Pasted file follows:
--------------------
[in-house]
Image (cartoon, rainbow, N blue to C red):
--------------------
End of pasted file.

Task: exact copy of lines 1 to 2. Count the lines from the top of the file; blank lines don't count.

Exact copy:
[in-house]
Image (cartoon, rainbow, N blue to C red):